HAVE A "SPIRITUAL BRAIN"? NEW STUDY SAYS YES
By Dr. Mohamed Elmasry
Do humans possess something more than body and mind? Or
are we what
computer scientists call WYSIWYG - What You See Is What
You Get - beings?
These questions all point to a fundamental issue that
has always been in
search of more and better answers: Do humans have a
entity, a soul or spirit, linking our corporeal and
Virtually every religious belief system formally answers
question in the affirmative; in mainstream faiths it is
part of their core
doctrine and all believers learn it. But even among
there are many skeptics when it comes to understanding a
part of us that we
can neither see nor quantify.
And Spirituality, the modern term for these matters of
the "third entity,"
is a very difficult subject to write about.
I know this from personal experience. It's been more
than half a decade
since I published Spiritual Fitness for Life; I even
have a copyright on
the phrase "spiritual fitness." Using the title's
implied parallel with
physical fitness; I tried to answer four basic
questions: What is spiritual
fitness? What are its benefits? How do we achieve it?
and, How is it
As much as I enjoyed writing my book, I knew even at the
outset that no
single individual can provide definitive and final
answers to any of these
leading questions. Since then, I have continued to
explore this fascinating
subject as others see it and recently read The Spiritual
Brain -- A
Neuroscientist's Case for the Existence of the Soul, by
Mario Beauregard, Ph.D. and Denyse O'Leary.
Denyse O'Leary is a Toronto-based freelance journalist.
And Dr. Mario
Beauregard's groundbreaking research on the neurobiology
experience at the University of Montreal has received
Their book attempts to answer a key question often posed
by skeptics: Do
religious experiences come from God, or are they merely
from our brain? And
the bottom-line answer of O'Leary and Beauregard's
thesis is: God creates
our spiritual experiences, not the brain.
Drawing on his research with Carmelite nuns, Dr.
Beauregard shows that
spiritual events can be documented and he offers
evidence that religious
experiences do have nonmaterial origins.
"The discipline of neuroscience today is materialist.
That is, it assumes
that the mind is quite simply the physical workings of
Beauregard writes. "Many scientists ignore hard evidence
their materialistic prejudice, clinging to the limited
view that our
experiences are explainable only by material causes, in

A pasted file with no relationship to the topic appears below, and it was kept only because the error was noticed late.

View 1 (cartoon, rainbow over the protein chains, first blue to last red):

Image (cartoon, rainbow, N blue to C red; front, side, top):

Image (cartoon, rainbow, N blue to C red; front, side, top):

conviction that the physical world is the only reality.
materialism is at a loss to explain irrefutable accounts
of mind over
matter, of intuition, willpower, and leaps of faith, of
effect' in medicine, of near-death experiences on the
operating table, and
of psychic premonitions of a loved one in crisis, to say
nothing of the
occasional sense of oneness with nature and mystical
meditation or prayer."
Beauregard observes, however, that "recently,
materialistic explanations of
religion and spirituality have gotten out of hand.
Influenced by this
materialistic prejudice, popular media jump at stories
about the violence
gene, the fat gene, the monogamy gene, the infidelity
gene, and now, even a
He admits that "spiritual experiences are complex ...
like our experiences
of human relationships. They leave signatures in many
parts of the brain."
He also warns that "Materialism is apparently unable to
questions about the nature of being human and has little
prospect of ever
answering them intelligibly. It has also convinced
millions of people that
they should not seek to develop their spiritual nature
because they have
Yet, he argues, "when spiritual experiences transform
lives, the most
reasonable explanation and the one that best accounts
for all the evidence
is that the people who have such experiences have
actually contacted a
reality outside themselves, a reality that has brought
them closer to the
real nature of the universe."
O'Leary and Beauregard have presented a very good read
on a very difficult
and elusive subject. Yet even hardened skeptics would
agree with them that
"Spirituality today is more varied, but it is growing
all over the world."
(Dr. Mohamed Elmasry, professor emeritus of computer
engineering at the
University of Waterloo, is national president of the